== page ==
There are many things that industry can do to address its impact on nature and embrace the restorative imperatives contained within circular economy models. Where impacts are direct ― like on lands used for extraction ― approaches to land management during operations and design of reclamation and restoration can focus on exceeding regulatory requirements to provide maximum benefit for biodiversity. At its Marblehead Quarry in Ohio, LafargeHolcim is actively managing for the recovery of the rare and endangered lakeside daisy by using crushed limestone screenings to create the alkaline conditions required by the plant, whose only known occurrence in the state is in Ottawa County where the quarry is located.
Across all industrial sectors, non-operational lands can be managed to respect biodiversity and restore nature, rather than managed in ways that limit its exuberance such as through frequent mowing or landscaping with non-native species. By including the entire industrial footprint in the closed loop, a circular process can have a significant restorative impact on biodiversity. WHC’s recent white paper, Prioritizing Pollinators in Corporate America, shows how easily an entire footprint can be utilized for positive outcomes that meet a national need.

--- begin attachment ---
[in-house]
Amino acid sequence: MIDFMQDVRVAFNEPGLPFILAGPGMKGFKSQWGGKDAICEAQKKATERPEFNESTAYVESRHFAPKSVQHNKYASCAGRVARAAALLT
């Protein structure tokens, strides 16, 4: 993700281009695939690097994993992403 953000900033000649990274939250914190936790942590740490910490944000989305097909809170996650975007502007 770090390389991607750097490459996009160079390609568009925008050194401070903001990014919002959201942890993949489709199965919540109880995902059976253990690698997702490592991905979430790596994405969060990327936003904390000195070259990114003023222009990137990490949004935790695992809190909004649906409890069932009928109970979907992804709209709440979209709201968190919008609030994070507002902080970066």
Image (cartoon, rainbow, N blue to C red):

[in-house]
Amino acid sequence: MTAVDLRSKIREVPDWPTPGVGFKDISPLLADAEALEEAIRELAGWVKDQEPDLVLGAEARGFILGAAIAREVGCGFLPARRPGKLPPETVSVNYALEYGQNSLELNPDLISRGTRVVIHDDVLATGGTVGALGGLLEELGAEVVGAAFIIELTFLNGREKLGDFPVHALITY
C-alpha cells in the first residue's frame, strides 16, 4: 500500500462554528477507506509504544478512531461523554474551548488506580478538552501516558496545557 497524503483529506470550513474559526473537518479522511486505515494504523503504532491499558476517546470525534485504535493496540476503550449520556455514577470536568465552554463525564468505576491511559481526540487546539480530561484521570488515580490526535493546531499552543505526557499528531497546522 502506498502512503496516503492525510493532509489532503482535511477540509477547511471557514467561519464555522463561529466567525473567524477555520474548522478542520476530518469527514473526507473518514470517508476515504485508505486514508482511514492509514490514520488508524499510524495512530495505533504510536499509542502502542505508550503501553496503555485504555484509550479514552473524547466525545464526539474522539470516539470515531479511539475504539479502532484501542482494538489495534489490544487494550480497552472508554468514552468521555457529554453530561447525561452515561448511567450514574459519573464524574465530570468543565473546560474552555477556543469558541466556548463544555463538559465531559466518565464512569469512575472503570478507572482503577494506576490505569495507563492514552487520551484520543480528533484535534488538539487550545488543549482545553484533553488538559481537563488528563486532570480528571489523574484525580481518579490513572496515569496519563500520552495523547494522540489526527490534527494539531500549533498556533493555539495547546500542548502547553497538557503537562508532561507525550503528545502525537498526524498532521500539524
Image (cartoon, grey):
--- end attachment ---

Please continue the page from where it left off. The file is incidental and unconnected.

No loop is fully closed or sealed off. Every process contains manufactured goods and the ingredients that make them – all must be moved across the globe, and these movements create pathways for the spread of invasive species and wildlife diseases. By including product movement in the closed loop, operations along the manufacturing process, from extraction all the way to retail, can have an impact on two of the greatest threats to biodiversity worldwide.
Finally, the needs of biodiversity can be considered in the cascades, or by-products of a closed system. General Motors set – and already surpassed – a global goal to achieve 100 landfill-free facilities by 2020. They are creating circularity in their manufacturing processes in many ways. The company also has a biodiversity goal that all of its manufacturing facilities worldwide secure WHC Conservation Certification by 2020. These goals became intertwined when GM started to convert scrap Chevy Volt battery covers into nesting boxes for wildlife, cascading a product to benefit biodiversity.
Whether it’s called circular economy, regenerative design, cradle to cradle manufacturing or any other fancy word for recycling, it’s not necessary that these waste elimination and resource-use reduction processes and approaches be laminated onto nature. They in fact can include nature in many ways and fully embrace the restorative imperative. We just need to open the closed loop and take biodiversity out of the corner.